One of the things that is interesting to me as a student of the Chinese languages is to recognize where the traditional and simplified Chinese scripts differ. Since this is my program, I'm going to hard-code the color for simplified Chinese script: maroon.

To accomplish the highlighting, we take advantage of listview's custom-draw feature. Custom-draw allows you to make minor changes to the way items are displayed on the screen. It's a middle ground between having listview do all the work (via default drawing behavior) and having the program do all the work (via owner-draw).

The custom-draw cycle for shell common controls consists of series of NM_CUSTOMDRAW notifications, starting with the most general and getting more specific. The reason for the break-down is multi-fold. First, it allows the listview control to short-circuit a portion of custom-draw behavior if the parent window does not indicate that it wishes to customize a particular behavior. This reduces message traffic and improves performance when large numbers of items are being drawn. Second, it allows the parent window to target its customizations to the drawing stages it is interested in.

Listviews are peculiar among the shell common controls in that its items sometimes (but not always) have sub-items. This complicates the drawing process since it requires listview to accomodate both styles: large icon view does not use sub-items, but report view does. To address this, the CDDS_ITEMPREPAINT stage is entered when an item is about to paint, and any changes made by the parent window are considered to be effective for the entire item. If you want to make changes on a per-subitem basis, you have to respond to CDDS_ITEMPREPAINT | CDDS_SUBITEM and set your properties (or reset them if you want to return to the default) for that sub-item.

With those preliminary remarks settled, we can dive in.

class RootWindow : public Window
{
 ...
protected:
 ...
 LRESULT OnLVCustomDraw(NMLVCUSTOMDRAW* pcd);
 ...
private:
 HWND m_hwndLV;
 COLORREF m_clrTextNormal;
 Dictionary m_dict;
};

We declare our listview custom-draw handler as well as the member variable in which we remember the normal text color so that we can reset it for columns we do not intend to colorize.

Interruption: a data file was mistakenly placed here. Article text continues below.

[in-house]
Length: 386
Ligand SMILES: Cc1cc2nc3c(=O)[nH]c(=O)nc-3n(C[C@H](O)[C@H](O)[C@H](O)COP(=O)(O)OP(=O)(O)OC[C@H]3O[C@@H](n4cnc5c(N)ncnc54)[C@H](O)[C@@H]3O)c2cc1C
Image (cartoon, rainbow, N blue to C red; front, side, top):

LRESULT RootWindow::OnNotify(NMHDR *pnm)
{
 switch (pnm->code) {
 case LVN_GETDISPINFO:
  OnGetDispInfo(CONTAINING_RECORD(pnm, NMLVDISPINFO, hdr));
  break;
 case NM_CUSTOMDRAW:
  if (pnm->hwndFrom == m_hwndLV) {
   return OnLVCustomDraw(CONTAINING_RECORD(
                         CONTAINING_RECORD(pnm, NMCUSTOMDRAW, hdr),
                                                NMLVCUSTOMDRAW, nmcd));
  }
  break;
 }
 return 0;
}

If we receive a NM_CUSTOMDRAW notification from the listview control, we call our new handler. The multiple calls to the CONTAINING_RECORD macro are necessary because the NMHDR structure is nestled two levels deep inside the NMLVCUSTOMDRAW structure.

LRESULT RootWindow::OnLVCustomDraw(NMLVCUSTOMDRAW* pcd)
{
 switch (pcd->nmcd.dwDrawStage) {
 case CDDS_PREPAINT: return CDRF_NOTIFYITEMDRAW;
 case CDDS_ITEMPREPAINT:
  m_clrTextNormal = pcd->clrText;
  return CDRF_NOTIFYSUBITEMDRAW;
 case CDDS_ITEMPREPAINT | CDDS_SUBITEM:
  pcd->clrText = m_clrTextNormal;
  if (pcd->iSubItem == COL_SIMP &&
    pcd->nmcd.dwItemSpec < (DWORD)Length()) {
    const DictionaryEntry& de = Item(pcd->nmcd.dwItemSpec);
    if (de.m_pszSimp) {
      pcd->clrText = RGB(0x80, 0x00, 0x00);
    }
  }
  break;
 }
 return CDRF_DODEFAULT;
}

During the CDDS_PREPAINT stage, we indicate our desire to receive CDDS_ITEMPREPAINT notifications. During the CDDS_ITEMPREPAINT stage, we save the normal text color and indicate that we want to receive sub-item notifications. It is in the sub-item notification CDDS_ITEMPREPAINT | CDDS_SUBITEM that the real work happens.

First, we reset the color to the default on the assumption that we will not need to colorize this column. But if the column is the simplified Chinese column, if the item number is valid, and if the simplified Chinese is different from the traditional Chinese, then we set the text color to maroon.

That's enough with the Chinese/English dictionary for now. All this time, and we don't even have search capability yet! We'll work on that next month.